Song of the Day #4,130: ‘Looking for a Kiss’ – New York Dolls

The self-titled New York Dolls debut, released in July of 1973, is considered one of the greatest rock albums (and one of the greatest first albums) of all time.

This band, and this record, influenced countless acts in the rock and punk worlds, from Kiss and the Sex Pistols to Guns N Roses and The Smiths. It reminds me of the line people use about The Velvet Underground’s debut, “not many people bought it, but everyone who did started a band.”

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Song of the Day #4,129: ‘My Old School’ – Steely Dan

I’ve never been a fan of Steely Dan. I enjoy a lot of artists and genres that are Steely Dan-adjacent (I’m even into Donald Fagen’s solo work) but for some reason the band itself has always left me cold.

In fact, Steely Dan leaves me so cold that this is — astoundingly — the first ever song of theirs I’ve featured on the blog. Eleven years and more than 4,100 posts without a single ‘Hey Nineteen,’ ‘Deacon Blues’ or ‘Do It Again.’ That’s dedication to not giving a damn about Steely Dan!

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Song of the Day #4,128: ‘Angie’ – The Rolling Stones

I’ve spent a fair amount of time with The Rolling Stones’ catalog, after coming to them a little late in my musical life. I know seven or eight of their albums very well, including the half-dozen classics they released between 1966 and 1972.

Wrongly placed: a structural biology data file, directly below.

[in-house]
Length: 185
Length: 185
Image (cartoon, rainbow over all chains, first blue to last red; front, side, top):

Somehow, though, I never got around to 1973’s Goats Head Soup. Maybe that’s because, as the follow-up to Exile on Main St. and the start of a half-decade period considered their first creative slump, it just doesn’t have the cachet of the rest of their work.

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Song of the Day #4,127: ‘Concrete Jungle’ – Bob Marley and The Wailers

Bob Marley and the Wailers’ 1973 album Catch a Fire was their fifth, but it feels like a starting point. It was their first album with the Island label, and the first to have the distinctive instrumentation and production with which casual fans are familiar.

If you’ve owned and loved the classic Legend collection, those songs started here.

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Song of the Day #4,126: ‘You Sure Love to Ball’ – Marvin Gaye

Our next 1973 album comes courtesy of Mr. Marvin Gaye, who followed up his seminal 1971 political album with one of the greatest albums ever made about sex: Let’s Get It On.

Gaye grew up physically and emotionally abused by his minister father, who instilled in the young man a deeply troublesome view of sex that contributed to bouts of impotence. Not exactly the mental image you get of the man who sang ‘Let’s Get It On’ and the rest of the slow-funk love jams featured on this album.

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